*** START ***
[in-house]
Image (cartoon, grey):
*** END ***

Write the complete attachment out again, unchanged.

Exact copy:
[in-house]
Image (cartoon, grey):